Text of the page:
Some people will ask about Angles of Attack (or you might ask about yaw in which case you mean Angles of Attack, as per Dave), knowing that they vary at different speeds. The faster you riding, the more likely you are to encounter lower angles of attack. At 30mph, over 80% of AOAs are at 10 degrees or below. At 20mph the sweet spot is between 10-20 degrees, comprising about 50% of all real-world conditions. The data above already reflects the distribution of AOAs at the different speeds.

We'll roll out more of our test data and findings over the next few days. You can sign up to receive future posts by email here if you don't want to keep hitting the refresh button. Until then, fire away with any questions in the comments. 

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Interesting that the RFSC 38s appear to give you about 80% of the benefit of the deeper sections (as compared to the baseline). Conventional thought up until now has been that you don't see much (if any) aero benefit with carbon rims until you get up around 50 mm depth, but the charts indicate otherwise. Guess I got luckier than I thought when I intuitively went for a pair of the 38s last year. Andy

Andy Hanson

Joe, the other factor is that it's a wider rim, which doesn't only (appear to) affect aerodynamics, but also improves road feel and according to some tests rolling resistance as well. I would only use the word "penalty" if it were a heavier rim without the benefits of the added width. It's a heavier rim because it does more, like a swiss army knife that also has a spoon and a fork.SYJ, for sure. We have a lot more data to roll out over the next week or so including AOA curves for each of the wheels tested and some comments on AOA distribution at different speeds. I'll probably leave that one to Dave though, who told me to thank you for saying AOA instead of yaw.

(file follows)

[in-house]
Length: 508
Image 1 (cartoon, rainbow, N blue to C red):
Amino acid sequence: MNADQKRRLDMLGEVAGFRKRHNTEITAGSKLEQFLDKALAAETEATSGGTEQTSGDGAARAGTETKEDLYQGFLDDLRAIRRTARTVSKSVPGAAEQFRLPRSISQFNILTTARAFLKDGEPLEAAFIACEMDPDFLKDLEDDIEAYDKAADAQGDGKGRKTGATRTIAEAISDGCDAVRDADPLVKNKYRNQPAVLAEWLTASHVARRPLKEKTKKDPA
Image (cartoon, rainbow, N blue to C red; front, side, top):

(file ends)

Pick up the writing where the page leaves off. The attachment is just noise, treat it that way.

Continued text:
Mike May

Mike,I'm curious if you plan on releasing the AoA curves for each of the wheels tested. Depending upon local riding conditions (and types of events typically ridden/raced), these may prove more important than an average across all AoA.Thank you for putting this together, and for being so transparent in your findings. Keep up the good work!SYJ


The data in the second graph suggests that there is a 11% aero saving when comparing the rail to the RFSC 50. A previous post stated the the target weigh of the rim was to be between 475 and 495 grams, resulting in an approximate 10% penalty. I am curious how these two factors will work in congress and affect the overall performance of the wheel.

Joe Ajello

Thanks all.Mike E, we'll know more about time line soon. We're moving as fast as we can but we still have to build up production samples and flog them around, and do some more verification testing (heat, braking, etc) before we offer them for sale. Joe, the 50s and 58s are indeed close. That seems to support our theory that the threshold around 50 is significant. If you look at the 50/58/85 deal, by incremental depth increase, the incremental gains decrease. That's not to say that that has to be (there are wheels on the market that don't seem to follow that trend) but in the case of the wheels we tested this time, it stands out.